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How the Earth’s continents will look 250 million years from now

posted by Jason Kottke   Jun 13, 2018

Speaking of Pangaea, this video shows how the present-day continents came to be formed from the Pangaea supercontinent about 240 million years ago, then shows what the Earth’s surface might look like 250 million years in the future, if the tectonic plates continue to move in predictable ways.

I hope this explanation is helpful. Of course all of this is scientific speculation, we will have to wait and see what happens, but this is my projection based on my understanding of the forces that drive plate motions and the history of past plate motions. Remember: “The past reveals patterns; Patterns inform process; Process permits prediction.”

Look at how quickly India slams into the Asian continent…no wonder the Himalayas are so high.1 And it’s interesting that we’re essentially bookended by two supercontinents, the ancient Pangaea and Pangaea Proxima in the future.

  1. Though they may not be able to grow much more. Erosion and gravity work to keep the maximum height in check.

In Search of Forgotten Colors

posted by Jason Kottke   Jun 13, 2018

The Victoria and Albert Museum filmed this short four-part documentary about the Somenotsukasa Yoshioka dye workshop near Kyoto, Japan. They make dyes using only natural materials, producing vibrant colors using little-used and often long-forgotten techniques.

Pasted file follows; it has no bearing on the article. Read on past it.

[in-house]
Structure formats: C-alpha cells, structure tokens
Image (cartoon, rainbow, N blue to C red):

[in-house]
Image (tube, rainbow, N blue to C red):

Sachio Yoshioka is the fifth-generation head of the Somenotsukasa Yoshioka dye workshop in Fushimi, southern Kyoto. When he succeeded to the family business in 1988, he abandoned the use of synthetic colours in favour of dyeing solely with plants and other natural materials. 30 years on, the workshop produces an extensive range of extremely beautiful colours.

Another great find from internet gem The Kid Should See This.

The comic tragedy of Balloonfest ‘86

posted by Jason Kottke   Jun 13, 2018

In September 1986, as part of a United Way fundraiser, the city of Cleveland released 1.5 million balloons simultaneously in a bid to get into the Guinness Book of World Records. As this short documentary by Nathan Truesdell shows, things didn’t really go according to plan.

Nathan Truesdell’s short documentary, Balloonfest, depicts the helium-filled spectacle using archival news footage from local television stations. When the balloons are first released, they form a mass of colorful orbs that wraps around Cleveland’s Terminal Tower, by turns resembling a meteorological phenomenon, a mushroom cloud, or a locust infestation. The image is both awe-inspiring and haunting.

The local news footage is kind of amazing. One of the news reporters inexplicably kisses a woman goodbye he’d just interviewed on-air. When the balloons are released, another commentator screams that America doesn’t have crappy ol’ Cleveland to kick around anymore because baaaallllllloooooooooooons!!